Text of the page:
Rutgers University is ranked “among the nation’s top 5 higher education institutions for commitment to diversity.” The university has more than 3,300 international students from 125 nations around the world. Moving to a new country can be challenging and intimidating, but Rutgers offers extensive support for international students to try and make the transition as comfortable as possible. This includes the six-day International Student Orientation, a mandatory conference-like program with a flexible schedule of workshops. Orientation took place from August 27 to September 1, and the BPRC’s New Jersey Ambassadors in Motion (NJ AIM) were excited to be invited by Rutgers to host a bicycle workshop.
NJ AIM conducts outreach that is consistent with the New Jersey Department of Transportation’s (NJ DOT) commitment to education and encouragement of bicycling in the state for commuting and recreation purposes. NJ DOT publishes resources intended to enhance safety and enable bicyclists to find places to ride, as well as tools for planners and engineers to better design bicycle-compatible facilities. The orientation aligned with NJ AIM’s objectives, which include four forms of outreach: event outreach, classroom outreach, on-street outreach, and municipal/governmental outreach and assistance. In this classroom setting, NJ AIM members covered a variety of topics, including:
Over 30 students attended the session, coming to Rutgers from France, Germany, India, South Korea, China, Colombia, Israel, Kenya, Mexico, Nepal and Slovenia. More than half of the participants came from China. Xinyu Lu, an undergraduate student from China planning to study computer science, said that he really appreciated gaining some formal instruction from peer mentors on how to deal with bicycles at Rutgers. “The most helpful part was the live demonstration of how to fit a bicycle and maintain it.” Charles Wandalo, an undergraduate from Kenya, had similar feelings: “Previously, I have only been self-taught how to ride a bike and had never been made aware of techniques for checking the bike before riding.”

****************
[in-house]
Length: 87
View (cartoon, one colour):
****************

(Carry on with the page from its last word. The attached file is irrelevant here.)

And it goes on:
Since many types of bicycle crashes are the fault of the cyclist, riding safely and following traffic laws can eliminate a great deal of the risks involved with riding in a shared space with vehicular traffic. The Ambassadors highlighted traffic law principles that will allow the participants to confidently share the road while riding within the law and being predictable and visible to motorists. This should serve to benefit both the students and the cycling community by providing a cheap and efficient transportation mode while adding numbers to the growing cycling movement in New Jersey.
After the success of this year’s workshop, NJ AIM will be a part of International Student Orientation for years to come, and is excited to continue welcoming new students to the United States while giving them the tools to be responsible cyclists and valuable advocates for active transportation.
 “We Are Diverse”, Rutgers, The State University of New Jersey, 2012. Accessed September 4, 2012. <http://www.rutgers.edu/about-rutgers/we-are-diverse>